Rep. Andy Harris (R-Md.) (Bill Clark/AP)

Democratic congressional candidate Jesse Colvin attacked Rep. Andy Harris (R-Md.) over opioids, veterans and the environment during a debate that aired Thursday on cable television in rural Cecil County.

But the political newcomer’s inexperience made for several awkward back-and-forth exchanges between the candidates.

For his opening salvo, Colvin turned to the camera, stared intently and spoke directly to voters: “When was the last time you saw Dr. Harris? Did he look he excited to be there with you?”

“Congress is broken,” Colvin continued. “We have petty partisanship, special interests and career politicians. . . . We need a new generation of leadership that will put country over party.”

Harris looked noticeably more relaxed as he offered a sarcastic welcome to Colvin, who moved back into the district from Washington last year. “You know, I’m not a newcomer to this district. I have lived here for over 30 years,” he said. Harris told viewers he has delivered on creating jobs for Maryland residents and voting for the recent federal tax code overhaul, which he described as “the largest tax cut in American history.”

The debate was taped Wednesday. Colvin, Harris and libertarian candidate Jenica Martin sat side-by-side in plush barrel chairs set against a black backdrop, answering questions from moderator Todd Eberly, a St. Mary’s College associate professor.


Democrat Jesse Colvin is running for Congress in Maryland. (Arelis Hernandez/The Washington Post)

Harris, 61, is the only Republican in Maryland’s congressional delegation. He has represented the conservative 1st District since 2010, facing few serious challengers in his bids for reelection.

Colvin, a 34-year-old former Army Ranger, is trying to capi­tal­ize on opposition to President Trump and has mounted a robust campaign effort, drawing impressive fundraising totals, bipartisan endorsements and a large corps of volunteers.

Both men have been accused of ethics issues by the opposing political party in recent days and have vowed to correct any errors in their financial disclosures.

When the debate turned to the opiate crisis on the Eastern Shore, Harris called for building up families, making schools safe havens and enforcing laws against the importation of the deadly drug fentanyl. Federal money, he said, should be tailored to each community to combat the epidemic in the way that works best for them.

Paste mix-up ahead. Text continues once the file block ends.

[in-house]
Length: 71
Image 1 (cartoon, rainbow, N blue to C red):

Colvin tried to criticize Harris’s support from drug companies.

“I don’t know how I could stand here with integrity if I was in the back pocket of Big Pharma,” he said, repeating a line he has used at fundraisers and with voters. “Mr. Harris has taken hundreds of thousands of dollars from Big Pharma.”

Harris, prepared for the attack, launched his rebuttal, criticizing Colvin for accepting campaign cash from House Democratic Whip Steny H. Hoyer (D-Md.).

“It’s very interesting: Mr. Colvin says that I take all this money from drug companies, but he’s more than happy to take money from Steny Hoyer, who’s actually received twice as much,” Harris said. “So I’m going to ask you, Jesse, are you going to give Mr. Hoyer’s money back?”

Harris said drug companies that have donated to his campaign are leaders in the biomedical defense arena and produce anthrax vaccines for soldiers and Narcan, the fast-acting nose spray that can reverse opioid overdoses.

Colvin did not respond directly to Harris. Instead, he started to repeat his attack, then paused and was awkwardly silent for three seconds.

“Dr. Harris you’ve taken hundreds of thousands of dollars from . . .”

“That’s not true,” Harris interjected and chuckled.

Colvin faulted Harris, who is also a military veteran, for voting against mental-health funding that would have aided veterans in the district. The Democrat said that if he is elected, he will locate his district offices inside a Veterans Affairs facility in Cambridge, Md., which he criticized Harris for never visiting.

“It’s really easy to beat up on the VA,” Colvin said. “Shame on you, sir.”

Harris said he has visited other hospitals and speaks to veterans directly through their clubs and legions.

He pushed Colvin to join him in calling for veterans to have more choices for their care outside the VA system, then offered another zinger.

“I’m glad you could find your way to Cambridge, Jesse,” Harris said. “Because a newcomer to the district sometimes can’t find their way there.”